[The Fear of Negative Evaluation scale (FNE): psychometric properties of the French version]

C Musa, N Kostogianni, J-P Lépine
L'Encéphale 2004, 30 (6): 517-24

BACKGROUND: The Fear of Negative Evaluation scale (FNE: Watson and Friend, 1969) is the measure most commonly used to determine the degree to which people experience apprehension at the prospect of being negatively evaluated. Although the development of the FNE preceded the inclusion of social anxiety disorder (or social phobia) in the diagnostic classification system, it is widely used as a measure of cognitive symptoms because the feature tapped by this measure is at the core of recent cognitive models of social-anxiety. According to these models, socially anxious individuals divide their attention between the internal representations of their social self (negative images and "felt sense") and external cues that could be taken as a sign of negative evaluation by others. The FNE was validated in a student and patient population in English speaking countries. The English version demonstrates adequate empirical validity. It shows excellent internal consistency and one-factor structure. Test retest reliability is satisfying. It is proved to be sensible to change after treatment. It is well correlated with other measures of social anxiety demonstrating good convergent validity. However, divergent and discriminate validity have been a subject of controversy. The aim of the present study was to assess the psychometric properties of the French version of the FNE in order to obtain a valid instrument measuring the cognitive component of social anxiety.

METHOD: The social anxiety group consisted of 88 patients referred to our clinic for cognitive-behavioural group therapy. All met ICD-10 criteria for social phobia (generalized subtype) as determined by the Composite International Diagnostic Interview (social phobia section). Additional axis-I diagnostic information was obtained using the Mini International Neuropsychiatric Interview (MINI: Lecrubier et al., 1997) for ICD-10. The non-patient control group consisted of 80 participants who didn't respond to social anxiety CIDI criteria. All participants were rated by the assessor on the Liebowitz Social Anxiety Scale (LSAS) and completed the following self-report questionnaires: the Fear of Negative Evaluation questionnaire (FNE), the State-Trait-Anxiety Inventory (STAI A-B), and the Beck Depression Inventory (BDI 13).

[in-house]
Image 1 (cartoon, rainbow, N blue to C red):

RESULTS: The internal consistency is very good with Kuder-Richardson 20 coefficient of 0,94 corresponding to coefficients found in the validity studies of the original version of the FNE. One factor Anova tests showed that our two groups of subjects differed significantly on the FNE [F (1.166)=282.26, p<0.001]. Patients had a mean score of 25.6 with a standard deviation of 4.1 and the non patient control subjects had a mean score of 12.1 with a standard deviation of 6.1. This result confirms the empirical validity of the instrument. In the patient sample, the FNE was significantly correlated with the LSAS total score (r=0.55; p<0.001). This result indicates good convergent validity. However, the FNE was also significantly correlated with the BDI-13 (r=0.48; p<0.001) and the STAI B (r=0.47; p<0.001). However because high levels of general anxiety and depression are common among patients with social anxiety disorder, substantial correlations between measures of social anxiety and measures of general anxiety and depression should be probably expected. A multiple regression analysis shows a significant association of the FNE with the LSAS (Beta=0.39, p<0.001) and the STAIB (Beta=0.28, p<0.01) We explored the unidimensionality of the scale by using a principal component analysis of tetrachoric correlation suitable for dichotomic items. One sole factor with an eigenvalue superior to 1 emerged. We deduce therefore that our results are in favour of the unidimensionality of the French version of the FNE.

CONCLUSION: The present study shows that the French version of the FNE has good psychometric properties and differentiates social phobic patients from the non-clinical control subjects. Given the importance that models of social anxiety attribute to cognitive processes and the importance of cognitive techniques in its treatment, we consider that the French version of the FNE is an adequate and valid questionnaire to be used in research and therapy.

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